Human Resources Analytics – Predict Employee Leave

Human Resources Analytics - Why are employees leaving

Imagine you are an HR-Manager, and you would like to know which employees are likely to stay, and which might leave your company. Besides you would like to understand which factors contribute to leaving your company. You have gathered data in the past (well, in this case Kaggle simulated a dataset for you, but just imagine), and now you can start with this Hands On Lab – Predict Employee Leave to build your prediction model to see if that can help you.

In this lab, you will learn how to create a machine learning module that predicts whether an employee will stay or leave your company. We are aware of the limitations of the dataset but the objective of this hands on lab is to inspire you to explore the possibilities of using machine learning for your own research, and not to build the next HR-solution.

We created a starting experiment for you on the Azure AI Gallery to give you a smooth start. Continue reading “Human Resources Analytics – Predict Employee Leave”

Meetup Instruction Guide Build your Bot

build your bot

Build your Bot

Workshop Setup and Instruction Guide to Build your Bot

In most of our Microsoft Data Science meetup, hosted by i.e. Infi, InSpark, Winvision, Macaw, among others, we organize workshops. This time you will learn how to build your bot with the Cognitive Services of Microsoft. In this workshop you wil build a Question & Answer Bot. This type of bots is able to answer questions based on predefined answers.

The point of this workshop is to introduce you to the basics of creating a simple bot, and it is not intended to be a deep-dive into bot development. If you want to learn more, please check out the Microsoft Bot Framework. Continue reading “Meetup Instruction Guide Build your Bot”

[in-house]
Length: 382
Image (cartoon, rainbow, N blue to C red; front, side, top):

Graphing moderation of PROCESS v3.0 Model 1

Graphing moderation with PROCESS V3.0 graph 2

This blog is about graphing moderation with the help of SPSS with the PROCESS macro, and our corresponding MD2C Graphing template for PROCESS v3.0 Model 1 – Moderation.

The case that we used is based on the article of Chapman and Lickel (2016), and you can find a detailed elaboration of this case in Andrew Hayes’ second book about Introduction to Mediation, Moderation, and Conditional Process Analysis (Hayes, 2017). You can download the data from Hayes’ website. The datafile you need for this example is called DISASTER. Besides, you can also download the PROCESS V3.0 macro for SPSS and SAS (and much more) from the site: http://www.processmacro.org/ Continue reading “Graphing moderation of PROCESS v3.0 Model 1”

The effect of Stress on Satisfaction and Self-Evaluation

Stress, Satisfaction and Self-Evaluation

This short blog is about exploring the relationships between stress, satisfaction and self-evaluation. For an assignment of the course Introduction to Psychology, I had to gather 20 responses to answer some questions. Due to the huge amount of responses, I thought it could be nice to share the results to thank all of you for your participation. Continue reading “The effect of Stress on Satisfaction and Self-Evaluation”

Predictive modeling and human interaction

Reflection predictive modeling. Credits to Olu Eletu

This blog gives you some reflections on predictive modeling and human interaction.

The prediction…

The nice thing of predictive modeling is that it gives you possible answers, which you could use to define you or your customers’ actions. You can classify things or trying to predict numbers, like your sales. Another nice thing is that you can retrain your models over time to get -hopefully, but not guaranteed- better results. Continue reading “Predictive modeling and human interaction”

Optimizing prediction models on Azure – pruning the trees

Optimizing prediction models on Azure

This is a simple example about optimizing prediction models on Azure. In this case we will use a Boosted Decision Tree model. We will show you how you can use the Permutation Feature Performance module to prune your trees.

We start with the Student Performance Classifier from a previous blog. We already found out that the Boosted Decision Tree algorithm gave the best results, so we will start with that one to train our model with. Continue reading “Optimizing prediction models on Azure – pruning the trees”